There’s a lot of conversation now about representation of trans characters on stage. And the thing about theater is that usually a character isn’t really a character until they are seen by another. In When January Feels Like Summer, it isn’t just how the character of Indira is portrayed; it’s how Indira is reflected in Devaun’s response to her. And the chemistry between you two seems instantly credible.

Jeremy: Yeah.

It was funny. It was sweet.

Jeremy: How would Devaun approach a woman that he wanted to get with, you know? And there’s no trans.

Shravan: Yeah.

Jeremy: It’s how do I approach this woman? When you take the trans part out of it, the thought he’s really a guy, the finding it, all of that—it’s nonsense, it clouds the issue. This is your character. This is this character. This is the scene. And the writing makes it easy, ’cause Devaun has no idea.

Shravan: Yeah.

Jeremy: So I’m allowed to just go in and sweep her off her feet. I don’t have to worry about it. By the end of the play I already like her, so it’s not a thing.

Your scenes together seem to me real highpoints in terms of telling trans stories on stage, even though you’re not trans and the author is not. It’s in the acting work that you do, the preparation and the conviction that you bring to it. I’m curious what you’ve noticed about audience reaction. Like when the audience finds out Devaun is attracted to Indira, that’s a big reveal.

Jeremy: Yes.

And then they find out that Indira is attracted to Devaun—

Shravan: I think they’re very receptive. I think they’re rooting for us.

Jeremy: Agreed.

Shravan: Right from the start you can feel that. The first smile he gives to me—the way he looks at me genuinely—the audience laughs. It’s not a laughter of these guys are funny; it’s the laughter of awe turned to laughter.

Jeremy: Yeah.

Shravan: ’Cause it is an awkward situation. Like a first date. Or when you first approach a person to ask them out, it can be very awkward. And when you’re on the sidelines you’re rooting for them but at the same time you’re laughing at that situation.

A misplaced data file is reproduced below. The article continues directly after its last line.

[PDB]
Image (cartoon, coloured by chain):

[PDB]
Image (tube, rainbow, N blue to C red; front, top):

Jeremy: They are rooting for us and they’re nervous. Because as much as they lose their preconceptions as the play goes on and they discover more about Indira and Devaun, when that moment happens, all those ideas come rushing back. So by the time we get to the end scene, the Ganesha scene, everyone’s like—

Shravan: An audience member at a talkback said, “I was really afraid for Indira, ’cause I’ve heard a lot of bad stories about what happens.”

Jeremy: You can almost feel them like waiting for me to explode or do something, you can feel it.

Shravan: Yeah, you can feel it like this pressure. In a tank.

Jeremy: Then when I get up and walk off stage with her, you can kind of feel people deflate, like awww. It’s like the audience really wanted to be wrong with their notions. Because it’s like, they’ve been so good together, everything else has been fine. And then it’s like a breath of fresh air.

Shravan: Like relief, a burst of laughter.

What’s your favorite line that your character says?

Jeremy: It’s when I say to Jeron [Devaun’s best friend, played by Vaughn Ryan Midder], “I just want to do something for everyone to know that when we walk down the street and sidewalk, we’re not invisible.” As someone who tries to reserve himself, tries to act a certain way, keep myself a certain way all the time, I feel as though I’m walking down the street invisible, as though I’m just a number. It’s only been through recently coming to DC, meeting people, doing these shows, having fun after, that I have actually started to feel like more of a person. So when Devaun says that line—when I say it—I instantly know the feeling, the thing I’m trying to find that sets me apart, so people can look at me and say, There’s something about him. I feel like I’m going through that as my own journey in life. Trying to find that thing that says, You’re special, you have worth, you have value. So that line means a lot to me.